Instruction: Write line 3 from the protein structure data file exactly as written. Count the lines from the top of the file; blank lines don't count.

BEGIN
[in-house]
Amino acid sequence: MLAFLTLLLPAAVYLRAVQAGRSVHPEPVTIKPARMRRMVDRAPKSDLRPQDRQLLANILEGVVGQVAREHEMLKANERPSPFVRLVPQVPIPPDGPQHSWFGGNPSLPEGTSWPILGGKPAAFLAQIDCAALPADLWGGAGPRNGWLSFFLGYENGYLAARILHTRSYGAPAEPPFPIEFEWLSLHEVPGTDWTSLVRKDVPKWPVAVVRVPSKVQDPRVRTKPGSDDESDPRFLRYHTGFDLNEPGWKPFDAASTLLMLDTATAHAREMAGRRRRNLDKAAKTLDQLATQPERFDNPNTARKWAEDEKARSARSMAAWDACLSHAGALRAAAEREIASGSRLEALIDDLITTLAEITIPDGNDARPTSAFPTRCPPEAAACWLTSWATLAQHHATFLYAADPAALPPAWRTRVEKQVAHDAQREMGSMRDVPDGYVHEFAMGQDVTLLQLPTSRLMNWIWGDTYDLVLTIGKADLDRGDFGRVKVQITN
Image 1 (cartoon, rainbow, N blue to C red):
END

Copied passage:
Image 1 (cartoon, rainbow, N blue to C red):